It is interesting to consider Schopenhauer’s discussion of music as the universal language and what this means for covers and interpretations? Here I am left thinking about Walter Benjamin’s discussion of the translator who always only ever touches the circle.
Bookmarked How “Downtown Train” Ruined Rod Stewart’s Friendship With Bob Seger (Tedium: The Dull Side of the Internet.)

Pondering how Tom Waits seemingly created the perfect tune for other people to sing. Major rock stars were fighting with one another to cover “Downtown Train.”

Ernie Smith on the song that paid for Tom Waits’ pool.

“‘Downtown Train’ bought Tom Waits a swimming pool,” Stewart told Ultimate Classic Rock in 2013 as he was about to release a new album. “And ‘Picture in a Frame’ will pay for a new roof on his house. Really, I can’t say enough about Tom—he has such great imagery, which is an area in which I could do a bit better.”

Replied to What’s “interpolating”, and how did it force Olivia Rodrigo to share Deja Vu writing credits with Taylor Swift? (triple j)

A close cousin of sampling, interpolation is less of a direct copy-paste of a song and more the borrowing of melodies and lyrics to create a new tune that sounds… wow, just so familiar.

There seems to be a fine line between interpolation and inspiration. There are so many songs that are inspired, but go without recognition.
Listened
I wondered what a ‘heavy’ St Vincent album might sound like, maybe this is a taste?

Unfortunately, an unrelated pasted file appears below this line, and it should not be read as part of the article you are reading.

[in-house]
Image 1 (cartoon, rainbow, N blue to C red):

Appearing on Radio.com’s New Arrivals show (via Uproxx), St. Vincent explained that she was “dead set” on creating a “heavy record” as the follow-up to 2017’s ‘Masseduction’. “Like just heavy the whole time – like, ‘Hey kids, you like Tool? Well, you’ll love the St. Vincent record’, you know?” she said.
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I also am intrigued if Jack Antonoff had an part to play in this recording or if St. Vincent simply self-produced it?

Listened Ska Horns & Madonna Melodies | Strong Songs: A Podcast About Music from Strong Songs: A Podcast About Music

Mailbag time! We’ve got listener questions about Madonna earworms, National piano parts, Breath of the Wild music, online vocal teachers, the French horn, The L…

In a Q&A episode, Kirk Hamilton addresses the question of why jazz soloists never repeat their solos when playing a track live, whereas rock artists do. He explains that it is about the intent of the performance. Jazz solos are usually a part of a conversation with the rest of the group, whereas rock solos like Stairway to Heaven, Sweet Child of Mine and Comfortably Numb are carved out expressions. It is therefore less about the genre than it is about the intent. As Hamilton explains, “you do not turn up to a dinner party and read off a page.” It is for this reason that you will find some rocks artists who do actually improvise.

This reminds me of a conversation between Annie Clark and the late Andy Gill about structured music and free-form music. I am also reminded of my experience of seeing Aphex Twin and the misconstrued expectation that there would be any semblance of the familiar. I guess if you want a particular sound, go listen to the historical record, whereas if you would like a conversation, see the performance?

Bookmarked How Tribute Bands Celebrate Music History (daily.jstor.org)

Everyone who’s had to dress up as a historical figure for a school project knows that history is just a bit more understandable through reenactment, whether it’s through a biopic, a famous site where people in period costumes walk visitors through the past, or a battlefield reenactment. It also …

Listened 2021 studio album by Taylor Swift from Wikimedia Foundation, Inc.